Nestled into the mountains of northern Thailand, the laid-back city of Chiang Mai has charm to spare. One of the most visited destinations in the country, this city is known for breathtaking landscapes, colorful art and handicrafts, and historic landmarks that befit the ancient capital of the Lanna kingdom.
Chiang Mai offers travelers the chance to experience a wonderfully slowed-down pace of life, get up close and personal with local culture, and head out on off-the-beaten-path adventures. With so much to offer, the relaxing destination can seem overwhelming for first-time visitors.
Here are the best things to do in Chiang Mai.
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Buy something beautiful at Chiang Mai’s markets
Chiang Mai’s Night Bazaar sprawls across two blocks and provides the city’s main forum for shopping. The countless stalls sell everything imaginable, including Thai silk, silver, antiques, art, clothes, and shoes. The Night Bazaar is open from 6–10pm daily.
On Saturday evenings, Wualai Walking Street springs to life just outside the old city walls. The market is a good place to sample tasty snacks, as well as buy unique handicrafts and other locally made products.
A popular tourist attraction in the city, Sunday Walking Street Market starts at Tha Pae Gate and meanders for nearly one full kilometer (0.6 miles). At its many stalls and shops, you’ll find handmade gifts aplenty. You can also look forward to live music from local bands and performers.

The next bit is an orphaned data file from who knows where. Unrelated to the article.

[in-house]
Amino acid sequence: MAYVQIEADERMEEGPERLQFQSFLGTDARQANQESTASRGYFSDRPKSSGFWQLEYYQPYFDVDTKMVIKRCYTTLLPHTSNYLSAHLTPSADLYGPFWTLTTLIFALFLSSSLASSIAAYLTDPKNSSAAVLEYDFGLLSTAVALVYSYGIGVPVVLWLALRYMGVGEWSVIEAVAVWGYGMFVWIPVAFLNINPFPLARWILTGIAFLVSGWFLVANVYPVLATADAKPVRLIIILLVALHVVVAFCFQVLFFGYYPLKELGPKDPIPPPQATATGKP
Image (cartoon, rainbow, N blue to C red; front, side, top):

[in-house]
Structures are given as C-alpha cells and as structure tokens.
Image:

Local tip: Thais respect a good haggler, but it helps to keep the negotiations relaxed and friendly. Don’t begin negotiations unless you are genuinely wanting to buy an item.
Participants preparing Thai food during a cooking class in Chiang Mai © Anna Ewa Bieniek / Shutterstock
Taste Chiang Mai food
At all hours of the day and night, you can satisfy your hunger pains by tucking into the local cuisine in Chiang Mai. The city is filled with street vendors selling scrumptious appetizers and snacks as well as one-plate dishes. You can’t visit Chiang Mai without trying khao soi, a popular yellow curry and coconut milk soup made with crunchy noodles, soft noodles, and chicken or pork, then garnished with shallots, mustard greens, and lime juice.
Other traditional local dishes to try include sai oua, a tasty pork sausage made with chilies, garlic, herbs, and spices. For a light snack, try nam prik ong, a flavorful tomato chili dip unique to the region and traditionally served with a platter of fresh vegetables.
Local tip: For a sit-down meal, head to SP Chicken. This tiny cafe is best known for its succulent grilled poultry and also has a menu of classic Thai soups and salads.
Wat Chedi Luang is among the many magical temples of Chiang Mai © RUKSUTAKARN studio / Shutterstock
Visit Chiang Mai’s temples
Each of Chiang Mai’s 200 or so Buddhist temples is an architectural wonder in its own right. A sacred site outside the city first built in the early 19th century, Wat Phra That Doi Suthep is approached via a long staircase with seven-headed serpent statues. Once you reach the top, the views dazzle.
Visitors to Wat Chedi Luang, in the historic city center of Chiang Mai, marvel at its elephant statues and massive pagoda. Wat Sri Suphan is built in a traditional Lanna style. Its resplendent decorations give it the nickname “Silver Temple” – no surprise, as it was first built as the main temple for a silversmith colony, and small silver studios are even today scattered around the temple grounds. After you’ve said a prayer in the sanctuary, you can stop in to see the smiths in action, and even buy silver works to take home.